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Anaerobic Respiration

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Original Author(s): Daniel Baker
Last updated: 8th April 2024
Revisions: 21

Original Author(s): Daniel Baker
Last updated: 8th April 2024
Revisions: 21

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Anaerobic respiration is the process of ATP synthesis without adequate oxygen delivery to tissues. Sometimes the body cannot supply the muscles with the oxygen it needs to create energy, for example during intense exercise. Without the process of anaerobic respiration, there would be no energy supplied to muscles in these times of high demand.

This article will consider the process of anaerobic respiration and its clinical significance.

Process of Anaerobic Respiration

Without oxygen, the electron transport chain (ETC) cannot continue as there is no terminal electron acceptor. Therefore, the usual number of ATP molecules cannot be created. Cessation of the ETC leads to reduced activity of the reactions before this step, such as the TCA cycle and glycolysis. The anaerobic pathway utilises pyruvate, the final product of glycolysis.

Without the functioning ETC there is an excess of NADH and pyruvate. Pyruvate is subsequently reduced to lactate (lactic acid) by NADH, yielding NAD+. This reaction is catalyzed by the enzyme lactate dehydrogenase. By recycling NAD+, the process of glycolysis is able to continue as the supply of NAD+ has been replenished. Glycolysis produces 2 net ATP molecules, which can be used for energy.

Fig 1 – Diagram showing the process of anaerobic respiration.

While these 2 ATP molecules are much less than would be produced by aerobic respiration, without anaerobic respiration there would be no other method of ATP production. Anaerobic glycolysis happens faster than aerobic because less energy is produced for every molecule of glucose broken down (2ATP vs 32ATP), so more glucose must be broken down at a faster rate to meet energy demands.

In situations where cells’ oxygen demands increase above supply (i.e. ischaemia), glycolysis will quickly occur, producing lactic acid. This may occur physiologically, such as in the muscles during intense exercise, or pathologically, for example in ischaemic heart disease or when a malignant tumour outgrows its blood supply.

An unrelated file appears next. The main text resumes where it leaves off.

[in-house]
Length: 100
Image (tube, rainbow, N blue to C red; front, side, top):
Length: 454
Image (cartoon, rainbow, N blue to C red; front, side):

Removal of lactate

The lactate produced as a result of anaerobic respiration must be removed from the blood as it is acidic. There are two main ways to do this:

  • Lactate is transported to metabolically active cells, such as in the heart and brain. Here it is converted back to pyruvate, which is then utilised in the TCA cycle.
  • Lactate is transported to the liver and converted to pyruvate. Pyruvate is then used in the process of gluconeogenesis to create more glucose

Clinical Relevance – Lactic acidosis

Excessive production of lactate can lead to lactic acidosis, a sub-type of metabolic acidosis. This is where the pH of the blood has become more acidic due to rising levels of lactate within the body. There are a number of causes for lactic acidosis but broadly it is caused by the body being unable to respire aerobically. Some causes include:

  • Diabetes mellitus
  • Enzyme deficiencies – for example, pyruvate dehydrogenase deficiency
  • Drugs – for example, metformin and isoniazid
  • Haemorrhage
  • Sepsis
  • Mitochondrial disorders

Symptoms typical of metabolic acidosis include nausea, vomiting, muscle weakness and rapid breathing. Treatment is difficult, as there is little evidence to support the use of sodium bicarbonate solutions (to balance the pH) or direct removal of lactate (via haemofiltration). Treatment is therefore supportive and would depend on the aetiology; if medication is the cause it may need to be withdrawn and certain mitochondrial disorders may require adapted diets.